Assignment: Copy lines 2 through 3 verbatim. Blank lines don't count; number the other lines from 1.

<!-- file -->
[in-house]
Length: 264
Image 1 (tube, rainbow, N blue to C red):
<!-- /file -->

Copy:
Length: 264
Image 1 (tube, rainbow, N blue to C red):